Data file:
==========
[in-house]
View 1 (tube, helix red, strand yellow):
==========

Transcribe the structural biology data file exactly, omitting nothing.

[in-house]
View 1 (tube, helix red, strand yellow):